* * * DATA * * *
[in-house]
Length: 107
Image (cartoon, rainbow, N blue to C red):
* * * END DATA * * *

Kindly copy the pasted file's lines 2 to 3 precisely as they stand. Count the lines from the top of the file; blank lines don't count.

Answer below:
Length: 107
Image (cartoon, rainbow, N blue to C red):